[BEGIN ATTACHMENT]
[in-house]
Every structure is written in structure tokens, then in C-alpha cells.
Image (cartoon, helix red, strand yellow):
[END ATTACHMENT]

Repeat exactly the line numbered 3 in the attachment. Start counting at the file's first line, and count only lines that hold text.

Image (cartoon, helix red, strand yellow):